Additionally, he had a lower jaw (inside the mouth) infection that is now reoccurring.
Thank you for your time.
<I suspect the white material is simply "mucus" (body slime)... an exudate... from...? Not curable w/ antibiotics, nor quarantine/isolation.
Do you suspect there is a parasite here? I would move this fish back to the main/display system. Bob Fenner>

Re: Fluke surviving Mueller Butterflyfish in QT with bacterial infections (?)    10/14/13
Thank you, Bob.  I've been actively looking for someone to look under a 'scope, although, I'm concerned about increasing the fish's stress level as he's been in hiding except for feeding time for several days.
<You are wise here... life is indeed "a series of compromises", and you are right to consider the trade-off in handling this (or any) specimen>
This fish has undergone 17 days Praziquantel treatment (unsuccessful) followed by 23 days Formalin, which I believe, effectively eliminated the flukes.
<... am very surprised it didn't eliminate the fish>
 I feel the lesions/mouth infection are some sort of secondary ailment - i have read flukes are like portals for other diseases.
<Can be>
 I do not know if there's some sort of parasite at this time. 
<Highly unlikely... grossly appears to be "sores"...>
The fish's name is Ziggy.
<"Ziggy played guitarrrrrrrr" Bowie>
I appreciate your time.
<And I everyone's. BobF>
Re: Fluke surviving Muelleri Butterflyfish in QT with bacterial infections (?)  10/15/13

Good Day Bob,
Took Ziggy in this morning for a biopsy. The man said there is no mucus by the sores (which is bad), so he pulled a scale via tweezers and looked under the 'scope.

He told me there are no parasites (I assumed) and that the infection seems to be coming from the inside out.
All he could say is that it's bacterial and suggested running a full 5 day course of antibiotics, which I have been (Kanamycin - in food too) with today being the 5th day. Lastly, he said to begin treating tomorrow with a Nitrofuracin product because they are absorbed well.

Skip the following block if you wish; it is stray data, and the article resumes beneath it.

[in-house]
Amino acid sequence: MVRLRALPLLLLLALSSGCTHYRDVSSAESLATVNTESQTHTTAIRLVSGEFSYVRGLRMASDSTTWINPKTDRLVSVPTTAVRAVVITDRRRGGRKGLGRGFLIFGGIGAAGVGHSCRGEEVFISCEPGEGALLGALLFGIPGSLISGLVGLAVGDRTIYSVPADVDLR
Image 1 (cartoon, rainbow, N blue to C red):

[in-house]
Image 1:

<Yes; better... though best would be to do a rudimentary sensitivity test/run... >

I have a seeded identical QT and could treat with NFP Nitrofuracin green powder immediately or I could wait out the day with the Kanamycin treatment like the man suggested?
<I'd just stop the one and start t'other if you're adamant re such antibiotic/antimicrobial treatment (I am not... most such treatments are more destructive than useful... microbial issues starting w/ other causes... mostly environmental, social, nutritional... and cured by fixing the same. Moving, isolating specimens... is much more likely to kill them>
  I'm reluctant to wait and "see what happens," yet, very cautious.
He also said the fish looks very healthy aside from the bacterial infection.
<Yes; all the more reason why I'd move it... not treat>

 For the past few days, the fish has been hiding in a pvc and reluctantly, (which is a new development) ate a few live blackworms today.
<Cheers, B>
PS - I am very thankful to have found your site, will donate.

SW med. reading, BFs, Velvet, Copper  01/30/10
Hi everyone
Hi again guys lol. Ok, so I am in the middle of a two month fallow period in my 90gal tank due to a velvet outbreak. I currently have my 3..5" Heniochus in a ten gallon
QT tank with a penguin 150 HOB power filter a heater and some sand in a pouch from my main tank to avoid a level spike (or at least help with it). I have medium amount of circulation and an airstone for oxygen. I just made the first dose of Cupramine.
<... I would not expose these, or most other Chaetodontids to copper... Look into/use a Quinine compound instead. Read here:
Now, the label says to dose this for two weeks
<Not w/o testing for free copper daily>
and your good to go (if no signs of spots or symptoms), but do you think this is long enough?
<I suggest you read re Cu use on WWM>

I know for a face there is velvet in the water because it's the same water that was from my display tank. If not two weeks, what amount of time do you feel is safe enough to say the fish is free of velvet and can be placed back into the display? And, how do you feel about the "Prime" product by Seachem just in case I run into problems with ammonia and water changes aren't completely
cutting it?
<Start here: http://wetwebmedia.com/mardisindex.htm
scroll down... Bob Fenner>

Re: Crypto or something else? & BF dis.   11/29/09